One of the best releases of the year without a single doubt.


Loscil – Plume – Kranky – CD

Posted in Reviews: Electronic by remotethoughts on April 23, 2006

Scott Morgan’s Loscil project has grown in both stature and popularity since his earliest releases for Kranky. Something that he fully deserves as every album (and single, on Involve) has been of such a high standard that it’s hard to fault any of them.

From the more Basic Channel styled ‘Triplepoint’ through the varied and deeply beautiful ‘Submers’ right up to, arguably his finest work so far ‘First Narrows’ he has a small but expertly crafted catalogue of engaging, beautiful and considered work under his belt.

The fact that ‘Plume’ is superb from beginning to end is certainly no surprise then and merely reinforces the fact that Loscil is one of the treasures of the Organic / Electronica scene.

Morgan seems to keep a low profile for the most part and there’s a real sense of that within his music… understated, unwilling to be tarred with any sort of musical brush – he just writes phenomenally gorgeous music that seems to come straight from the heart.

‘Motoc’ begins the album with a simple and delicate loop that filters and slowly evolves whilst he adds a one-note bass line and layers of sample and string noise. This is classic Loscil and has an infinitely hypnotic quality that drags you in and washes over you, drenching you in its atmosphere.

There’s something reminiscent about ‘Rorschach’ and you get a pleasing feeling of familiarity as soon as the main meat of the music cuts in. Again, looped sounds and distant tones create a slight feeling of dislocation and the use of a single bass tone reinforces the simplicity of the music. A distorted guitar-style sound plays gently over the music and perfectly complements the lilting piano melodies.

From there the music just grows and grows into a textbook example of how to produce something unique without pandering to any particular style – Morgan clearly just loves writing music and it’s this that gives it so much weight.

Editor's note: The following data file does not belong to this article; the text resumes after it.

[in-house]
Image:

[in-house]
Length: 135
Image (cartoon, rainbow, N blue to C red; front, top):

‘Chinook’ is a chiming, rolling track with layers of warmth and a lovely bassline whilst ‘Charlie’ is more downbeat and more ambient. When the background guitar melody cuts in there’s a moment of clarity that soon gives way to a delightful sense of melancholy.

‘Mistral’ ends the album in a similar way to the beginnning with its subtle musical shimmers and an achingly deep chord loop that will leave you wanting, and probably needing, more.

‘Plume’ displays many of the qualities of classic ambient music and really reminds me of some of Air Liquide’s material from their more relaxed works as well as artists such as The Bionaut. It’s hard to quantify exactly why that should be, but he’s clearly influenced by a world of different sounds and the way the tracks bubble gently under the surface and use a mid-paced tempo is definitely from that particular school of thought.

Every track has a musical feel and they definitely feel as though they have an overall theme – in the same way that the other Loscil albums feel like complete works.

Quite simply it’s a wonderful piece of work and, judging by the success of ‘First Narrows’, promises to do huge things on the Electronica scene, and deservedly so.

Morgan and Kranky really have come up trumps yet again.

Sabi – Nebulous Sights – Cactus Island – 3" CD